There is a clear need for us to get out there and go places again. At a time when vaccinations are being rolled out globally, CWT acknowledges it is now “seeing a bit more light on the horizon every day”. In fact, latest survey data from the TMC has found more than three quarters of regular business travellers are raring to get back to their old lives and more than half would pretty much drop everything to get back in the air.
Local restrictions, health and safety, and quarantine measures are not making it easy for us to get back to travel anytime soon, but these could soon be lifted as vaccination levels hit new milestones. In what it describes as a “temperature check” of the market CWT surveyed its 186,000 global LinkedIn followers in Feb-2021 to fathom their current feelings and eagerness to resume business travel, once restrictions are lifted.
The findings showed 58% of frequent business travellers already have their “passport at the ready” to leave for the airport as soon as they possibly can. Another 19% are “raring to go but are biding their time until they’re confident it’s safe to do so”. Around 15% can’t see themselves taking to the skies for work for a long while and just 4% said that they plan never to travel again for business, as a result of the pandemic.
In the latest edition of its ‘Business Travel On The Fly’ podcast, CWT’s CFO and president strategy & transformation, Michelle McKinney-Frymire and Niklas Andreen, president traveller experience and customer, highlighted that analysis of real-time data and hybrid meetings will be two of the key trends that will shape the next twelve months.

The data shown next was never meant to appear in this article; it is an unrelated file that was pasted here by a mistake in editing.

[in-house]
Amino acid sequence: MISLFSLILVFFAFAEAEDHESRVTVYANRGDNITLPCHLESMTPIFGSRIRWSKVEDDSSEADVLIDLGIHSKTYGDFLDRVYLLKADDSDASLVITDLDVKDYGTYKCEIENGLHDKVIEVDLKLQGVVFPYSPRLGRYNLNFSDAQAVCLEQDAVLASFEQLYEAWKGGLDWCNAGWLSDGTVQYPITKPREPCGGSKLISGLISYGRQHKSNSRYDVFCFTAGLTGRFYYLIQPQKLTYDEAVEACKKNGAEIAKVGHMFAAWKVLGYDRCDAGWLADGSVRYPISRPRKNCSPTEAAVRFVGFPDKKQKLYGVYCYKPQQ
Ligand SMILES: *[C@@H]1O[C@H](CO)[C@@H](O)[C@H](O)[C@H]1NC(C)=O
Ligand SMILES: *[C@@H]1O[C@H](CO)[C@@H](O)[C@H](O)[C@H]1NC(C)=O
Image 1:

Data will be “a critical part of travel management”, even more so than today, according to Ms McKinney-Frymire. A key part of the role of the travel management company is managing and analysing data at every stage of the journey – before, during, and after travel. How companies and organisations collect and analyse data will determine how well they restore and maintain confidence in travel, according to the executive.
“The pandemic demanded a whole new layer of real-time data be added to the way companies manage the health and safety of their employees, and now there’s the added dynamic of health data which will remain a big focus for years,” explained Ms McKinney-Frymire.
"TMCs will need to work with clients to strike the right balance between travellers' personal safety and personal privacy while industries and governments will need to work together on a common set of standards for processing digital health data and giving travellers control and clarity about how their data is being used," she added.
On the development of hybrid meetings, Mr Andreen said the trend represents a “great example of the innovation and the creativity that comes out of a challenge” and one that has “benefits both from a climate perspective and from a business continuity angle”.
“The new breed of hybrid meetings brings a whole new dimension to doing business. It allows us to increase the number of people that can participate in big meetings. You can have a small group in place, and spread the message across the entire organization. The hybrid meeting is the evolution of the meetings and events space, which has historically been very binary,” he added.